Breeding possibleexcluded from total
No of tetrads occupied66 (of 478)
Percentage of tetrads13.8%

Mathew (1894) commented on an increase in the number of breeding herring gulls in the wake of the sea birds preservation act of 1869.  Lockley et al (1949) traced a continued increase, despite large scale collection of gulls eggs; for example, about 3000 eggs were taken in one season at Skokholm, from a colony of 1000 pairs. 

Limitations were put upon the collection of eggs at Skokholm and Skomer and the harvesting of eggs generally declined throughout the county as social conditions changed.  Herring gulls accelerated their rate of increase, a process aided by the abundance of food at local refuse dumps.  In 1969 Operation Seafarer recorded 11740 pairs breeding in Pembrokeshire, including 1350 pairs on Skokholm and 2200 pairs at Skomer.  Most nest on the cliffs of the mainland and islands but roof nesting has been noted at Tenby and the Esso refinery at Herbrandston and suspected elsewhere.

Herring Gulls began to decrease in the lat 1970s, coinciding with the introduction of black plastic bags for refuse collection.  In warm conditions these bags make good incubators for the bacterium Clostridium botulinum which is thought to have poisoned the gulls feeding on the rubbish tips.  By the time the Seabird register survey of 1985-87 was conducted the breeding population had shrunk to 4062 pairs, with 613 pairs at Skomer, and 321 at Skokholm.  Changes in rubbish tip operations are coming into force which will make harmful food less accessible to gulls, and this may reverse the decline.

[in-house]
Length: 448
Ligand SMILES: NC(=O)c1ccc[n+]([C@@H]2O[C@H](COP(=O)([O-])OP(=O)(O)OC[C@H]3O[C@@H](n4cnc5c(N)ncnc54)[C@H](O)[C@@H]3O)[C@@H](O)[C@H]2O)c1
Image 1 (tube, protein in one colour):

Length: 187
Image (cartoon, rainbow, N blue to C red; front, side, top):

Herring gulls are not confined to scavenging on rubbish tips, but feed widely across the fields of the county, where earthworms form an important part of their diet.  They also feed around the rocky shores and the estuaries and pick up fish offal at Milford Docks, though fewer catches are landed there than in the past.

Although generally regarded as sedentary, many of our herring gulls disperse from the breeding grounds in the winter, certainly as far as the upper Bristol Channel.  Juveniles can venture further, with recoveries from North Wales, Ireland, France, Holland and Poland, as well as of an Irish-bred bird visiting Pembrokeshire.

Small numbers of Scandinavian birds of the subspecies argentatus were detected in the winters of 1985 to 1987, with records occurring between 11 December and 22 February.

Donovan J.W. & Rees G.H, 1994, Birds of Pembrokeshire

More about the Herring Gull in Pembrokeshire

Herring x Lesser Black-backed Gull hybrids

Harris, M.P. 1970. Abnormal migration and hybridization of Larus argentatus and L. fuscus after interspecies fostering experiments. Ibis 112: 488-498.

Summary

Between 1962 and 1966 eggs of Larus argentatus and L. fuscus were interchanged andalmost 900 young were reared by the wrong species. Many of these cross-fostered young were later recovered or retrapped on and away from the colonies.

The British population of argentatus is sedentary and ringed birds are not recovered outside Britain, whereas fuscus normally migrates. Many cross-fostered argentatus migrated to France, Spain and Portugal, areas where fuscus is common, but they did not migrate as far as the control fuscus. It is possible that these cross-fostered argentatus had followed their foster parents when these migrated, but this is unlikely as the cross-fostered fuscus also migrated although their foster parents would have remained in Britain.